Creative People

This Melbourne Sculptor Is The Next Big Thing!

A couple of months ago, deep in an Instagram wormhole, we came across the page of Lucas Wearne, aka Neighbourhood Studio – a sculptor working out of his leafy backyard carport in Thornbury, Melbourne, handcrafting some of the most beautiful functional and sculptural pieces we’ve seen for a long time! 

We caught up with the Melbourne maker recently, to learn more about his relatively new practice.

Sally Tabart

The backyard studio in Thornbury, Melbourne of Lucas Wearne, aka Neighbourhood Studio. Photo – Amelia Stanwix for The Design Files.

A selection of Lucas’ sculptural vases, hand crafted from Australian limestone. Photo – Amelia Stanwix for The Design Files.

Lucas Wearne – the guy behind Neighbourhood Studio! Photo – Amelia Stanwix for The Design Files.

Lucas started experimenting with the medium around 6 months ago and has since blown up. Photo – Amelia Stanwix for The Design Files.

Each piece is hand crafted by Lucas. Photo – Amelia Stanwix for The Design Files.

A selection of Neighbourhood Studio objects and vessels. Photo – Amelia Stanwix for The Design Files.

Lucas makes some rough sketches for some of his ideas, but mostly he just jumps right in. Photo – Amelia Stanwix for The Design Files.

Lucas sketching in his studio. Photo – Amelia Stanwix for The Design Files.

HOW GOOD ARE THESE! Photo – Amelia Stanwix for The Design Files.

Sanding down the shell of a Picasso lamp. Photo – Amelia Stanwix for The Design Files.

A group of Neighbourhood Studio pieces. Photo – Amelia Stanwix for The Design Files.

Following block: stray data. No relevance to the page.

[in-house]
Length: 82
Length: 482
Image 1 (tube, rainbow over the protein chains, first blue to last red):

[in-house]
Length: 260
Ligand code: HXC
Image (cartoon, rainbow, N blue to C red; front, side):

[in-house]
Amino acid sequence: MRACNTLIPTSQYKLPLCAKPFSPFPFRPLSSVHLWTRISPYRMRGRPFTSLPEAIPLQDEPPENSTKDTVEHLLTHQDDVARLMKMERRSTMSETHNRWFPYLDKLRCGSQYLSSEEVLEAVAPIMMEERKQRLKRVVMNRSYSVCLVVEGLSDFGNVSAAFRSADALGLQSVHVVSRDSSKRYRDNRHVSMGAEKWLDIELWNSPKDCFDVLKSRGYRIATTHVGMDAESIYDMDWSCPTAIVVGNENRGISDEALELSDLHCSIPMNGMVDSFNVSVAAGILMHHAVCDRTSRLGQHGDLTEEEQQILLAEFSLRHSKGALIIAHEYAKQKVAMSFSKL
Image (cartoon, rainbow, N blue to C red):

Lucas is constantly reinventing his style to keep himself from getting bored. Photo – Amelia Stanwix for The Design Files.

Lucas sanding down his pieces. Photo – Amelia Stanwix for The Design Files.

Lucas has almost grown out of his backyard studio…we think it’s utterly charming. Photo – Amelia Stanwix for The Design Files.

Neighbourhood Studio on show! Photo – Amelia Stanwix for The Design Files.

Sally Tabart
16th of January 2020

Working out the back of his Thornbury home in Melbourne’s North, Lucas Wearne of Neighbourhood Studio makes functional, sculptural objects, hand-carved from Australian natural limestone. His refined designs and expert craftsmanship make it hard to believe he’s only been working with the medium for the last 6 months. 

Experimenting with new forms, shapes and designs, Lucas is constantly reinventing his style. From curvaceous Picasso-inspired vases, contemporary columns with precise hand-carved detail and mushroom-topped lamps, each new series of objects references a different period of art and architecture. ‘In a sense, I am always “launching” a new collection’, Lucas says. ‘I like the idea of each piece being unique, it gives me room to keep challenging myself and my practice’.

And if you need any more of an endorsement, the TDF team gifted me one of Neighbourhood Studio’s wavy orb lamps for my birthday last week – #obsessed! You heard it here first –  Neighbourhood Studio is the next big thing!

In the past few months I’ve been seeing your limestone work pop up all over the place – but scrolling back through your Instagram, it seems like you’ve only been working with the medium for a short amount of time. There’s a lot of timber furniture going on before that. What prompted you to experiment?

I taught myself how to make furniture because I couldn’t afford to buy the kinds of things I liked. From there I began making things for friends, and it kind of spiralled after that. I discovered that people liked what I was making and wanted to buy my things, so I set up my business at the beginning of 2019. I knew I didn’t want to work with wood forever so while I was selling the timber furniture, I was always experimenting with a whole bunch of other materials like metal, glass, and then stone.